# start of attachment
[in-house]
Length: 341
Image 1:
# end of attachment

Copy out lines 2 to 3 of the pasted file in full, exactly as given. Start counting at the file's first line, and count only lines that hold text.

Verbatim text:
Length: 341
Image 1: